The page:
fatal formula that Korea should be free and independent 'in due course'.In the end, in spite of efforts by the Russians (who were not in Cairo),Korea got the worst treatment of any nation in the whole world as a resultof the Second World War. In spite of the fact that it had had absolutelynothing to do with any attack on the Allies, it was occupied in
North of the 38th Parallel by the Russians, South of the Parallel by theAmericans. Like
which was an aggressor nation, it was divided.But it got a much worse administration in the South than did WesternGermany
in a sense, Korea (South) got the occupation which Japandeserved, or which was designed for
Korea, which was one of the oldest nations on earth, with a rich culture,was occupied by Japan from 1910 until 1945 and annexed outright toJapan
an extremely harsh administration. The fact that it wasoccupied by a non
European power and that both its language and that of the colonising country were known by few in the West contributed to thegeneral ignorance of the country. Very little was published in the Westabout the resistance to Japanese colonialism. Unfortunately, probablythe best known fact about Korea was that many Koreans were deployed
guards by the Japanese in POW camps, where their brutality becamelegendary. After 1945 very few Western correspondents visited Korea. Oneof the few to do so was Edgar Snow, who spent New Year 1946 with UStroops on the 38th Parallel. In what seems to have been his onlv articleon the trip, a little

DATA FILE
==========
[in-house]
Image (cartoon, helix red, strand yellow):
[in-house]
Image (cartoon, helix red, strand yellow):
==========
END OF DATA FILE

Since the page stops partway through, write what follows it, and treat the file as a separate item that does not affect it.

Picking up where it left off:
known short piece in the
Snowopened with an important statement: 'When everything has been saidabout our occupation of Korea, probably the most
thing is thatwe stopped a revolution
In fact, unbeknownst to most people inthe West, the US had actually overthrown the existing nation
wide Koreanregime set up in September 1945 and was backing, arming and oftenparticipating in a reign of terror which ultimately broke the left
wingmovement in much of the South and drove it either underground, intoprison, into the North, or to its graves. Mark Gayn was one of the veryfew people to witness some of the upheavals in the South under theAmerican occupation, which he ranked, justifiably, with the great peasantrebellions of
By the time the Korean War erupted in June 1950probably about 100,000 people had been massacred or killed in guerrillafighting in the South.
Ignorance about what was really happening in the South, as well as of thehistory of Korea (including of Korea's lack of responsibility for waragainst the Allies) was combined with an equally total ignorance of whatwas happening in the Northern half of the country. Unfortunately, in bothcases it was not 'pure' ignorance: lack of knowledge, as often, was fusedwith false knowledge, prejudice and outright lies.